HackerRank, a community for developers and recruiting platform, just landed $9.2 million in a Series B round of financing from Khosla Ventures, Battery Ventures and a number of angel investors, with senior engineering backgrounds at Google and Facebook. Prior to the Series B, the startup raised $200,000 from Y Combinator and $3 million from Khosla Ventures.
What makes HackerRank unique is that it's a community of coders who come together to hack away and compete against one another. By doing so, they improve their skills. It's a bit like Khosla-backed Kaggle, which is a community for data scientists who compete against one another to solve big data problems for big companies. HackerRank also solves engineering problems for corporations by helping them with their recruiting of engineers.
To date, HackerRank is used by programmers in over 40 countries to improve their coding skills and it attracts half-a-million coders each month, though the company won't disclose how many jobs it's placed.
GitHub and Bitbucket are a couple of other popular coding communities. So what makes HackerRank special?
"HackerRank is like a gym for coders to work out at, hone their skills, and compete with others," said Vivek Ravisankar, Co-founder of HackerRank. "GitHub is more about sharing code and pooling resources/information. Also, neither of them have any kind of connection with the actual recruiting process beyond giving advice to candidates. We're offering companies a full-fledged platform that helps them find and hire the best developer talent."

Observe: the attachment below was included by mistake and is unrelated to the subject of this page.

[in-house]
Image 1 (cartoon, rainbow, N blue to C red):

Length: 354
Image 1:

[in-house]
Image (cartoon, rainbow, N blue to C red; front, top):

That program is HackerRankX, its service that allows corporations to screen engineers and test their coding skills. Based on the website, the starter cost is $199 per user/per month. For that, a startup customer can put out 50 code challenges and get email support. For enterprise packages, it's a lot higher (and is negotiated on a case-by-case basis). Currently, the company has 1000-plus customers and is making millions of dollars every quarter in revenue, said Ravisankar.
"There are two problems in recruiting," said Ravisankar. How to get as many programmers interested in the company and how to reduce the time to hire?
HackerRanks' solution? "We help companies host public challenges to our coding community and give them the ability to distribute prizes, swag, etc to the winners. At the end of the contest, programmers self-select to express interest in the company for jobs at which point, the companies can take the conversation forawrd... Companies use HackerRankX product to create the custom-coding challenges that helps them identify the programmers who clear their bar."